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Entry  Mon Aug 21 19:33:27 2017, Craig, DailyProgress, BEAT, Calibrated Spectrum in Hz/rtHz 20170821_185329_CalibratedSpectrum.pdf20170821_181139_PLL_OLGTFs.pdf20170821_190252_TransBeatnoteSpectrum.pdfCalSpec.tar.gz
    Reply  Mon Aug 21 21:54:59 2017, rana, DailyProgress, BEAT, Calibrated Spectrum in Hz/rtHz 
    Reply  Tue Aug 29 00:12:44 2017, Craig, DailyProgress, BEAT, Calibrated Spectrum in Hz/rtHz 20170829_000237_CalibratedSpectrum.pdf
Message ID: 1885     Entry time: Tue Aug 29 00:12:44 2017     In reply to: 1872
Author: Craig 
Type: DailyProgress 
Category: BEAT 
Subject: Calibrated Spectrum in Hz/rtHz 

I fixed the beatnote calibration script.  I thought about it more, and figured out the math was wrong.  Now I have implemented

Hz/rtHz ASD = Vrms/rtHz ASD * Hz/Vrms Actuation / (PLL OLG / 1 + PLL OLG)

This gives more sensible results, as seen in the plot.  We'll take better measurements shortly.

The script is in

/Users/ccahilla/Git/ctn_labdata/script/calibratedBeatnoteSpectrum.py

Quote:

I tried to calibrate our ASD spectrum into units Hz/rtHz.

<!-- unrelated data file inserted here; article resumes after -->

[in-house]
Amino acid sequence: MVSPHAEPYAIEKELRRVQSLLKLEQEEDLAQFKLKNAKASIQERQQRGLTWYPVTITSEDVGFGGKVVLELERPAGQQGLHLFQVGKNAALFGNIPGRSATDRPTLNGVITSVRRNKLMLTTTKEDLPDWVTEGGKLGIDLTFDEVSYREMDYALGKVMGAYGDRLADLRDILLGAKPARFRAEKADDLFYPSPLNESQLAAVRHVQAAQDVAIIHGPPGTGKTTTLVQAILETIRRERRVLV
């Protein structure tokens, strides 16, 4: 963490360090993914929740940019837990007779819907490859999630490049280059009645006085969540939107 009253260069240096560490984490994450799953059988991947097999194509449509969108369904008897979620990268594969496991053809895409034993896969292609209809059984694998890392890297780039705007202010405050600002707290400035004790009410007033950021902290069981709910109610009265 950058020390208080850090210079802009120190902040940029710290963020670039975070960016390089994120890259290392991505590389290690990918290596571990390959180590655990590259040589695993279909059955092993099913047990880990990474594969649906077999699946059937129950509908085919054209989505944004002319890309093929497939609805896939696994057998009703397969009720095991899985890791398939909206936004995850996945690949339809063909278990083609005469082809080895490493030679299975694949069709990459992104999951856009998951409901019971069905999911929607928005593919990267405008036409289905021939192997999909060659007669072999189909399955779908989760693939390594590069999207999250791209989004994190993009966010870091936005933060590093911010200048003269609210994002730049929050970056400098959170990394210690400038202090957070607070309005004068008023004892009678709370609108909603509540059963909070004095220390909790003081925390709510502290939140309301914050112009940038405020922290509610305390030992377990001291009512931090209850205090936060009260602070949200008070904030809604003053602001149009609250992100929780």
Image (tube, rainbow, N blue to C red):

To do this, I retook our demodulated beatnote spectrum in Vrms/rtHz from ~12Hz to ~12kHz , retook an open loop gain measurement of the PLL, and tested the actuation of the Marconi in kHz/Vpeak.

I'm pretty sure I did it wrong since our ASD reports a noise level of 1e-3 Hz/rtHz at 100 Hz.

The way I calibrated was by the following:

Hz/rtHz ASD = Vrms/rtHz ASD * PLL CLG * Hz/Vrms Actuation

where Vrms/rtHz is the original spectrum (plot 3 below), PLL CLG is the closed loop gain of the PLL equal to 1/(1+ OLG), and Hz/Vrms is read straight off the Marconi in 400 kHz/Vpeak and multiplied by 1e3/rt(2) to get 2.8e5 Hz/Vrms.

The PLL OLG is plot 2 below.  The Agilent is unable to measure lower than 10 Hz.  I feel like the solution is simple here... just make an analytic single pole and delay TF and extend it down to DC.  In reality this control system is a bit weird since we are actuating on frequency but detecting phase, so we get a 1/f fall off which extends I don't know how far down to DC.  Don't trust anything below 10 Hz. 

Next step is to diagnose our North and South cavity FSS.  Both are susceptible to "ringing", or high amplitude modulations at 10 to 20 kHz.  "Ringing" is mitigated by turning off and on the Boost and dumping the integrator on the FSS boxes, but the ringing always comes back after a while.  We suspect ringing is a result of the PZT railing from poor control loop design.  Turning down the Common and Fast gains reduces the occurances of ringing, but eventually we want to turn up the gains as much as possible to get a high bandwidth and a lot of laser frequency noise suppression at low frequency.  One theory Andrew has is one of our power supplies may not actually be supplying any current (see elog 1850).

 

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